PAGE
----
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Matthew P Unger

Associate Professor, Sociology and Anthropology

Matthew P Unger

Intellectual Biography

My research involves drawing on contemporary theory to interpret current conditions of social, aesthetic, and juridical judgment. I have two main research interests: 1) socio-legal studies, legal theory, and archival analysis and 2) sound and music studies, sonic atmospheres, and musical subcultures. 

For my work in law, I'm currently interested in examining narratives of legal beginnings through theories of settler colonialism, biopolitics, new materialism and post-humanism. This work has been supported by SSHRC and FRQ-SC.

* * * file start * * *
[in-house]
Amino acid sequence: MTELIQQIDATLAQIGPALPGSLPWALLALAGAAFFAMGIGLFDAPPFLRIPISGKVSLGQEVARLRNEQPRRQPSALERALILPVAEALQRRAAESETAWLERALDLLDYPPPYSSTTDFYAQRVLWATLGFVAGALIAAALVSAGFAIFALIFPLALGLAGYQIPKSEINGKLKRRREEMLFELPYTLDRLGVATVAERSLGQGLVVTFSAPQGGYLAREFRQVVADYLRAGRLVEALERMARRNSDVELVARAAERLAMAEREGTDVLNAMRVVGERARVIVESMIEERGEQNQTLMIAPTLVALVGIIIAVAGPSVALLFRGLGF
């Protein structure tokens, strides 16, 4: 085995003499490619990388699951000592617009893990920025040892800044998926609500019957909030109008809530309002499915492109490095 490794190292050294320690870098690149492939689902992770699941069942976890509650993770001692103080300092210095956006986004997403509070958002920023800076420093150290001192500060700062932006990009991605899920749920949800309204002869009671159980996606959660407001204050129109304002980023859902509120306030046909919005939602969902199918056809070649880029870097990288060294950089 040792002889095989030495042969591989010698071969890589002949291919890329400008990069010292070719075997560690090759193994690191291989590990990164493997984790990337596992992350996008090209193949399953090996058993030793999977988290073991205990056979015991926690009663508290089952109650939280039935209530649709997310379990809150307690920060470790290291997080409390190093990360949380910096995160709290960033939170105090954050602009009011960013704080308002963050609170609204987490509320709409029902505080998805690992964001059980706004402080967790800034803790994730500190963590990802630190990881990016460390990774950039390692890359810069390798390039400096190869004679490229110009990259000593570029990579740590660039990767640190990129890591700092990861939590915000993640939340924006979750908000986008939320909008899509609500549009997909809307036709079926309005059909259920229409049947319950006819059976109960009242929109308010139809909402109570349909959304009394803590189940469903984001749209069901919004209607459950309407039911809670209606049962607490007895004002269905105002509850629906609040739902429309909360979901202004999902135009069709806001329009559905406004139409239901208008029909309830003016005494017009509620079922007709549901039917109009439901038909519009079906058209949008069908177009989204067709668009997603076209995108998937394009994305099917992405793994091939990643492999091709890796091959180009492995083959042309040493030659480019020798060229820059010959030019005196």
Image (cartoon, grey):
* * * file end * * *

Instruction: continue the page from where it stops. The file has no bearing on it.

I also currently run a collaborative research program titled "Transgressive Sounds and Atmospheres" which works to build a network (international and local) of sonically and musically informed thinkers, develop unique sonic curations, and hold conversations around relevant texts.  This work has been supported through the Centre for Sensory Studies, CISSC, and the Sensing Atmospheres working group. 

My earlier work (and continuing interests) explores social discourses and political apparatuses of criminal accusation that prefigure Canada’s criminal justice system.  I co-edited 2 collections: Accusation: Creating Criminals (UBC Press 2016) and Entryways and Criminalization, (UAP 2019). My work within these texts examines historical and contemporary accusatory practices as a form of forgetfulness that is revealed through deconstructive, hermeneutic, and phenomenological analyses.